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Kate Winslet's episode

A place to chat about the 16th series of the genealogy programme, which will feature stories from Kate Winslet, Daniel Radcliffe, Sharon Osbourne and more.

Kate Winslet's episode

Postby Rosemary Collins » Tue Aug 06, 2019 3:15 pm

Hello everyone!

Hollywood A-lister Kate Winslet stars on Who Do You Think You Are? next week. Her episode will be broadcast at 9pm on Monday 12 August on BBC One.

On the episode, she delves into her Swedish roots and discovers a drummer boy ancestor.

As ever, please let us know what you thought of the episode below!
Rosemary Collins
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Who Do You Think You Are? Magazine
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Re: Kate Winslet's episode

Postby junkers » Mon Aug 12, 2019 10:09 pm

I think the episode left a lot of questions, not least how a soldier's pension (we never saw evidence of the pension amount) enabled him to be of "independent means", I have not come across a similar case in the records. The Swedish-naming of children was interesting and which I didn't know about. What really annoyed me during the first half was the incessant and annoying music!. The comments about Dartmoor Prison were only valid at its beginning as there were the infamous riots in 1932 and one inmate (Collins) committed suicide rather than being flogged because he thought he had a weak heart.

Lots of mothers had 11 or more children (in an age of high child mortality) and lack of food, so I don't think the case cited was unusual.
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Re: Kate Winslet's episode

Postby Tabithabenef » Wed Aug 14, 2019 12:13 pm

Better than the previous 2 episodes - I am not sure how much was real and how much acting, but she was more believable than Naiomi.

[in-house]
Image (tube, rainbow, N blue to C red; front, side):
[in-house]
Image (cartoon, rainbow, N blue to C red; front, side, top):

For goodness sake if part of your job was punishing people - then you would not have a choice.- well you could refuse but you would be court marshalled probably.

Where is all the common sense - no-one seems to live in the real world or an I just too old for all this. Seriously i am not that much older than Kate and I learnt all this sort of thing at school and know people didn't have a choice.

I know times have changed & we are very much a nanny society now- but for goodness sake it happened then - you cant think of it like that now - I dread to think if someone tried it now - they would be sued or taken to the court of human rights or something.

I wanted to find out more about the Swedish family and a bit more of the family tree before they worked at the stables, where in Sweden they were originally from & if any family still lived there.

Hopefully next week will be more interesting for me and cover more family lines and interesting topics.
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Re: Kate Winslet's episode

Postby PaulH01 » Wed Aug 14, 2019 9:13 pm

I thought the episode was quite interesting, especially the Swedish part.
I found Kate Winslet more irritating than Naomie Harris, who only went off on a rant once. Kate seemed to do so several times.
As with a few of the current series, lots of questions unanswered, and several places where I would have preferred the research to have gone in a different direction.
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Re: Kate Winslet's episode

Postby KayFarndon » Thu Aug 15, 2019 11:05 am

I do agree with the comments made and although it is upsetting to hear of floggings etc, it is history and was of its time and cannot be changed, so why get all het up about it?
It would have been interesting to know how and where to obtain Swedish certificates.

Can I add that my English great, great, grandmother had 12 children in rural Lincolnshire! All bar one survived, the youngest dying from accidental burning and certainly not malnutrition.
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Re: Kate Winslet's episode

Postby PaulH01 » Thu Aug 15, 2019 2:45 pm

One of my ancestors in Boston, Lincs. managed 13 children! Well-to-do-family as well - most survived to adulthood. I'm sure that number can be beaten. The tenth was called Malcolm Decimus (Byron).

But one of my great-grandmothers in the mining areas of Durham had 11 children, of whom only 4 survived. That must have been hard.
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